One of the first things lenders want to know about you is whether you can make payments on time. That’s why your payment history is the most important part of your credit score. In the FICO model, it counts for 35 percent.

Have you made your debt payments reliably, on time, each month? If you miss payments or are late in making them, your credit score can start to drop quickly.

Current debt (30 percent)

Your credit score also takes into consideration how much money you currently owe. Ideally, you want to keep your debt low compared to your income and the amount of credit you have available.

Length of credit history (15 percent)

Lenders also want to see how well you’ve handled debt over time. That’s why your credit score looks at:

  • Your oldest credit account
  • The average length of all your credit accounts
  • How long you’ve had each account

When you first start using credit, of course, you won’t have a long credit history. You’ll need to build that history slowly and steadily, by making all your payments on time and managing your debt responsibly.

New credit (10 percent)

New credit refers to credit accounts you have recently opened and any hard inquiries made into your credit. Hard inquiries take place when you apply for new credit. They may lower your credit score temporarily by a few points because they indicate that you plan to take on more debt.

Credit mix (10 percent)

Another thing lenders like to see is a mix of different types of credit. This tells them that you can manage, for example, car payments, mortgage payments, and credit card payments all at the same time.

But that doesn’t mean that you should take on more debt just for the sake of your credit score. Over time, your credit mix will naturally increase as your financial needs grow and change.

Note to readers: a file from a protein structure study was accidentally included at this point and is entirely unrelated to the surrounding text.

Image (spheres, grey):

Where can you find your credit score?

Your credit reports, available for free once a year through AnnualCreditReport.com, do not normally contain your credit score. Fortunately, there are other ways to view your credit score.

Ask the credit bureaus

You can request your credit score directly from any of the major credit bureaus—Equifax, Experian, and TransUnion. Check their websites to see if you will be charged a fee for this service. You may be offered additional services such as identity theft monitoring at the same time.

Use a credit score service

Some other websites offer to show you your credit score if you sign up for an account with them. But keep in mind that if you don’t cancel before the free trial period runs out, you may end up paying for a monthly service.

Check with your bank or lender

Many banks and lenders are currently allow customers to view their credit scores for free. If your bank or lender offers this service, it will likely be listed on your monthly statement or your online account.

If you’re planning to take out a new credit card or loan, you may want to look for one that provides access to your credit score as part of its services. That way you can see all your hard work pay off.

Oportun: Affordable lending options designed with you in mind

Now that you understand where credit scores come from, you can learn about how Oportun may be able to help you if you’re looking for affordable credit options.  Visit our homepage to learn about:

  • Personal loans
  • Credit cards
  • Secured personal loans
  • And more!

 

Sources

Experian. Does your credit score start at zero?

Experian. What is the average credit score in the U.S.?

FICO. What are the minimum requirements for a FICO score?

FICO. What’s in my FICO scores?

Consumer Financial Protection Bureau. What’s a credit inquiry?